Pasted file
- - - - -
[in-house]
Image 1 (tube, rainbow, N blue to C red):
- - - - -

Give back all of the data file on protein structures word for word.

[in-house]
Image 1 (tube, rainbow, N blue to C red):